Re: Unitialized Memory Read In sscanf()

Discussion in 'C Programming' started by Eric Sosman, Jun 24, 2003.

  1. Eric Sosman

    Eric Sosman Guest

    Keith wrote:
    > When running purify on the following program:
    > #include <stdio.h>
    > int main() {
    > int my_int ;
    > char buf[3] ;
    > strcpy(buf, "12" ) ;
    > sscanf( buf, "%d", &my_int ) ;
    > }
    > I get a UMR on the sscanf() when using purify. This is on an IRIX machine.
    > Any suggestions?

    As far as I can tell, there's nothing seriously wrong
    with your C. (Others have mentioned the lack of <string.h>
    and of a return, but I'd be astonished if either of those
    led to the symptom you report. You can certainly make the
    corrections and see whether the problem persists.) So: if
    the problem isn't with the C code, it must be with the tool
    or with the implementation, and you should seek help not from
    the C language pedants, but from the IRIX and Purify gurus
    (wherever they may reside).


    A wild guess: Maybe the string functions underpinning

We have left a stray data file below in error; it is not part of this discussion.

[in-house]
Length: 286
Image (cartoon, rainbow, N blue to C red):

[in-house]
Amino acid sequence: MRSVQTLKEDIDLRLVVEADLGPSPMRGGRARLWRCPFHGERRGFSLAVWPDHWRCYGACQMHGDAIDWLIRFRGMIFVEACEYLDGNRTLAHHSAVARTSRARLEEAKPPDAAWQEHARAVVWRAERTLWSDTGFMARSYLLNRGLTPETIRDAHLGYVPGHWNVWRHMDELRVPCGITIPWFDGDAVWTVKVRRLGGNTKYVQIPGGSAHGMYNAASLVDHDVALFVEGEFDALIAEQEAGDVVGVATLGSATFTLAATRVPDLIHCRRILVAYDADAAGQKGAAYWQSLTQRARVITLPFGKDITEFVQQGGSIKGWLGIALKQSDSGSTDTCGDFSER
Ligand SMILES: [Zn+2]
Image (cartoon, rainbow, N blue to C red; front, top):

sscanf() -- strlen(), strchr(), perhaps others -- try to
    optimize memory accesses, fetching several bytes at once
    instead of walking through the string byte by byte. If so,
    it might well be that such functions fetch more than three
    bytes from `buf', detecting the '\0' terminator before doing
    anything with the extra bytes. This is harmless in actual
    fact (if the implementation handles the details), but Purify
    may detect the beyond-the-end fetches, see that the extra
    bytes have never been initialized (make a few suppositions
    about the stack layout, okay?), and squawk. IF this is
    the case, you might also see the same symptom by replacing
    the sscanf() with calls to strlen(), strchr(), and so on.
    And IF this is the case, it's likely the Purify people know
    about it and have a way to silence the bogus warning -- maybe
    a substitute string library or something. Good luck!


    Eric Sosman, Jun 24, 2003
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